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[wahy-lee] /ˈwaɪ li/
adjective, wilier, wiliest.
full of, marked by, or proceeding from wiles; crafty; cunning.
Origin of wily
1250-1300; Middle English; see wile, -y1
Related forms
wilily, adverb
wiliness, noun
overwily, adjective
unwily, adjective
artful, sly, designing, intriguing, tricky, foxy, deceitful, treacherous.
straightforward, open. Unabridged
Based on the Random House Dictionary, © Random House, Inc. 2015.
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Examples from the Web for wily
Contemporary Examples
Historical Examples
  • This overt act was just what was desired by the wily Puritans.

    Acadia Frederic S. Cozzens
  • A change was visible in the wily Seneschal's fat countenance.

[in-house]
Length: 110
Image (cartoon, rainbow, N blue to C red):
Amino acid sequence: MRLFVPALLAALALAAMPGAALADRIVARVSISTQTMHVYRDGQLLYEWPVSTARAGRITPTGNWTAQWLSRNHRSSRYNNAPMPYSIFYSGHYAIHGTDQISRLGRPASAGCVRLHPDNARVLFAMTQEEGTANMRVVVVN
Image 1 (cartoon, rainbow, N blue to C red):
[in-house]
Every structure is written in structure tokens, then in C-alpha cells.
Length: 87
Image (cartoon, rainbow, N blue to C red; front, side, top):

St. Martin's Summer Rafael Sabatini
  • Some of these wily prophets pretend to read their predictions in the course of the planets.

    Popular Books on Natural Science Aaron David Bernstein
  • But they were too wily to be caught in such a trap, and our attempt failed.

  • Yet preferable, I should say, to the wily and treacherous savages the Americans have been accustomed to fighting.

    The Thorn in the Nest Martha Finley
British Dictionary definitions for wily


adjective wilier, wiliest
characterized by or proceeding from wiles; sly or crafty
Derived Forms
wiliness, noun
Collins English Dictionary - Complete & Unabridged 2012 Digital Edition
© William Collins Sons & Co. Ltd. 1979, 1986 © HarperCollins
Publishers 1998, 2000, 2003, 2005, 2006, 2007, 2009, 2012
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Word Origin and History for wily

c.1300, from wile + -ly (1). Related: Wiliness.

Online Etymology Dictionary, © 2010 Douglas Harper
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